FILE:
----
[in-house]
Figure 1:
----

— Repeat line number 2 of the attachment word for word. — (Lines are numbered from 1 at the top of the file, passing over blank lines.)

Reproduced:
Figure 1: